The Tanzania government said on Tuesday that it plans to build a long-delayed 2,100-megawatt hydroelectric plant in a World Heritage site renowned for its animal populations and a variety of wildlife habitats despite opposition from environmentalists.
The East African nation considers the project at Stiegler’s Gorge in the UNESCO-designated Selous Game Reserve as vital in its bid to diversify its energy mix as part of plans to end chronic energy shortages.
Covering 50,000 sq km, the reserve is one of the largest protected areas in Africa, according to UNESCO. It is known for its elephants, black rhinoceroses and giraffes, among many other species.
President John Magufuli “wants construction of this project to start as quickly as possible and produce an abundant supply of electricity to speed up the development of the country”, his office said in a statement.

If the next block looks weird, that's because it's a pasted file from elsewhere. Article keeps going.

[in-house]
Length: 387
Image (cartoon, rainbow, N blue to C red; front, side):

It did not give the cost of the project.
The statement said a team of experts from Ethiopia would arrive in the country this week to provide advice on its implementation.
Ethiopia has an array of hydropower projects under construction, including the $4.1 billion Grand Renaissance Dam on the Nile River that will churn out 6,000 MW upon completion.
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